This study focuses on the effectiveness of the federal Employment Equity Act (EEA). We assess the EEA with regard to female employees using quantitative data from employer reports published under the provisions of the EEA and the Canadian Census. Data in this study cover the period 1997 to 2004.
Women constitute the largest of the designated groups, so the effectiveness of the law could have major implications for the welfare of a significant proportion of the Canadian workforce. The most significant finding is that employment equity has increased over time, but at a diminishing rate. In fact, there may be something of a downturn in employment equity for women in the industries covered by the EEA.
It is clear from our analysis that women employees in the companies covered by the EEA continue to be under-represented, especially in large companies. Monitoring and enforcement of employment equity in these firms by the Canadian Human Rights Commission (CHRC) needs to be undertaken and is essential, since it cannot be taken for granted that larger firms do well in employment equity, overall. Our results and analysis indicate that smaller firms had higher employment equity than larger firms. It may also be necessary for the CHRC to examine the particular occupational groups within larger companies where employment equity is either low or non-existent relative to the Census.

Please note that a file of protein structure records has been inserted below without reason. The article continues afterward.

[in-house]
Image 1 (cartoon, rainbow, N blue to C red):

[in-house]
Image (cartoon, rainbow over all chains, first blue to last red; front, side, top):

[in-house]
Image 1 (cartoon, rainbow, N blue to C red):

The continuing underlying pattern of sex segregation has changed to only a limited extent. For instance, employment opportunities for women continue to be problematic (that is, senior managers, skilled crafts and trades workers) and will require continued and perhaps intensified efforts to resolve. There are large discrepancies between employment equity in primary (i.e., full-time, permanent jobs) and secondary (i.e., temporary and part-time jobs), with employment equity being much lower in the primary sector. Human Resources and Social Development Canada need to have active labour market policies to correct this imbalance.